Forum: The Racing Rules of Sailing

When does Rule 22 turn on?

Tim Hohmann
Nationality: United States of America
Certifications:
  • Club Judge
It's clear when rule 22 turns off but it seems to me less clear when it turns on, and I can see this being a cause for controversy in some incidents.

Rule 21.1 imposes a keep clear burden on a boat "when sailing towards the pre-start side of the starting line or one of its extensions...". When does this obligation commence? Is it when the boat departs from her proper course with the intention of returning to the pre-start side of the line? Or only when her relative bearing to the line is less than 90, such that her motion is toward rather than away from the line? For example, if an OCS boat on starboard tack on an upwind leg falls off to a course parallel to the line, must she keep clear of port tackers under 22.1? Or does she retain starboard right of way until she falls off further?

Likewise under 22.2, at what point is a boat doing a turns penalty "taking a penalty"? Is it as soon as she begins altering course? At the first tack or gybe? As soon as she starts sailing to get well clear of other boats (I think not, since 44.2 says a boat takes a penalty "after getting well clear)?

I didn't see any cases or US appeals dealing with rule 22, which kind of surprised me.

What do you all think?
Created: 19-Nov-02 20:04

Comments

Ben Fels
Nationality: Australia
Certifications:
  • International Judge
  • International Umpire
  • National Race Officer
2
Hi Tim,
It's a pretty straight and literal interpretation 91 and 89  degrees marks the angles when a boat is sailing away from the starting line and extensions or she is sailing towards it.
In 44.2 there are two requirements, the first is to get well clear of other boats, so it is generally a moot point regarding exercising her right of way rules, because she needs to get well clear of other boats and then continue to keep clear while completing the penalty.

Cheers
Ben
Created: 19-Nov-02 20:20
David Chudzicki
Nationality: United States of America
0
Hmm.

Yes, 44.2 obligates the penalty-turning boat to get well clear of other boats as soon as possible, but I don't know that she must *keep clear* while doing that. I could imagine situations where exercising your rights gets you well clear *sooner* than not exercising them.

The other tangent I've wondered about is:

Yes, the penalty-turning boat (S) must get well clear as soon as possible and is breaking a rule of they don't do so. But I don't see anything that turns off the other rules. So if they're starboard and another boat (P) is port, and the port boat doesn't keep clear... I could imagine deciding that both boats broke rules: S for not getting well clear as soon as possible, and P for not keeping clear of a starboard tack boat.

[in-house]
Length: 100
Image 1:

Created: 19-Nov-02 21:01
Lloyd Causey
Nationality: United States of America
Certifications:
  • Regional Judge
  • Regional Race Officer
0
Hello Tim,
I see this exactly as Ben Fels.
1 A boat returning to restart does not lose their rights until they are "returning" or moving back toward the starting line of extension.

2 A boat getting well clear before doing turns must do so within the rules and must continue to do so while doing turns.  If they did indeed get "well clear" doing turns should not interfere with other boats. If it appears they are going to have an issue the boat must get "well clear".
Created: 19-Nov-03 04:06
Al Sargent
Nationality: United States of America
0
On a related note, suppose the following situation:

  1. After the starting signal on an upwind start, a boat is called over early. Call this boat A.
  2. Boat A luffs its sails so that boats around it can pass by, and they can head back to the line. They don't change their course and remain on a close-hauled course.
  3. While boat A is luffing, another boat (boat B) approaches them from behind.

Because boat A hasn't begun to turn down to the line, does boat B need to avoid them, per rule 12 (clear ahead)?

Seems like the answer is yes. Reason: even though boat A has begun to take action to return to the starting line, they aren't yet head towards it.
Created: 19-Nov-04 01:50
John Allan
Nationality: Australia
Certifications:
  • National Judge
  • Regional Race Officer
0
Except for rules 44.1b and 44.3b, rule 44 is not a rule that a boat can break (or perhaps we might say, not a rule that a boat can be penalised for breaking).  All that happens if she does not comply with the rule is that, in the event of a protest, she is not protected by rule 64.1b from further penalisation.

As Ben Fels has pointed out, rule 44.2 describes two steps:
  • After getting well clear of other boats as soon after the incident as 
    possible,  and
  • a boat takes a One-Turn or Two-Turns Penalty by promptly 
    making the required number of turns in the same direction, each turn 
    including one tack and one gybe. 

Rule 22.2 says A boat taking a penalty shall keep clear of one that is not.

Looking at rule 44.2, a boat begins to take a Turns penalty when she begins 'making the ... turns'.  While sailing to get well clear of other boats, and before beginning to 'make the turns' a boat is not 'taking a penalty' and has no obligation under rule 22.2.  While she is sailing to get well clear of other boats she is entitled to right of way an room, just like any other boat.
Created: 19-Nov-04 04:29
P
Angelo Guarino
Nationality: United States of America
Certifications:
  • Judge In Training
  • Fleet Measurer
0
John A “Except for rules 44.2b and 44.3b, rule 44 is not a rule that a boat can break ..”

I think you have a typo in your rule ref above as there isn’t a 44.2b. - Ang
Created: 19-Nov-04 14:02
P
Angelo Guarino
Nationality: United States of America
Certifications:
  • Judge In Training
  • Fleet Measurer
0
How do we weigh and consider 22.2 ’s keep-clear obligation on the boat taking a penalty and  24.2’ s ‘not interfere if reasonably possible’ obligation on other boats in her proximity?